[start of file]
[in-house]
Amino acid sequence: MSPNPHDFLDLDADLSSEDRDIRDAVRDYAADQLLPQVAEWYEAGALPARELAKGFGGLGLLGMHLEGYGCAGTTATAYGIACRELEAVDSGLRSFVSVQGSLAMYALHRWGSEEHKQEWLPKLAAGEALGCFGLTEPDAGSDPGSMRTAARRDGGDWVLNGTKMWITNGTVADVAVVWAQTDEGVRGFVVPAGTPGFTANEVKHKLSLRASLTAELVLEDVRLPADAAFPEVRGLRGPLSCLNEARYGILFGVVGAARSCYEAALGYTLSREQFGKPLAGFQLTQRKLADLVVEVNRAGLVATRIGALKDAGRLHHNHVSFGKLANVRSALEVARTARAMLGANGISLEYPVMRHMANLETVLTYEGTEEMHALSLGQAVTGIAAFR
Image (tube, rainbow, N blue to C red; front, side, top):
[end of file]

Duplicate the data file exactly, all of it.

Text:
[in-house]
Amino acid sequence: MSPNPHDFLDLDADLSSEDRDIRDAVRDYAADQLLPQVAEWYEAGALPARELAKGFGGLGLLGMHLEGYGCAGTTATAYGIACRELEAVDSGLRSFVSVQGSLAMYALHRWGSEEHKQEWLPKLAAGEALGCFGLTEPDAGSDPGSMRTAARRDGGDWVLNGTKMWITNGTVADVAVVWAQTDEGVRGFVVPAGTPGFTANEVKHKLSLRASLTAELVLEDVRLPADAAFPEVRGLRGPLSCLNEARYGILFGVVGAARSCYEAALGYTLSREQFGKPLAGFQLTQRKLADLVVEVNRAGLVATRIGALKDAGRLHHNHVSFGKLANVRSALEVARTARAMLGANGISLEYPVMRHMANLETVLTYEGTEEMHALSLGQAVTGIAAFR
Image (tube, rainbow, N blue to C red; front, side, top):